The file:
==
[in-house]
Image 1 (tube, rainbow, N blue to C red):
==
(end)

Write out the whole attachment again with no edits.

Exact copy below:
[in-house]
Image 1 (tube, rainbow, N blue to C red):